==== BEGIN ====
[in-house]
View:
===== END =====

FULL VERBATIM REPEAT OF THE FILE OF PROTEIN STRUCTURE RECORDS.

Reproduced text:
[in-house]
View: